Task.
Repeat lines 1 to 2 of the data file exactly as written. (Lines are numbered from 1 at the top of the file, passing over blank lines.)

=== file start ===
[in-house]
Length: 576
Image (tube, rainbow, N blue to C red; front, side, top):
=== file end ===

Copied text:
[in-house]
Length: 576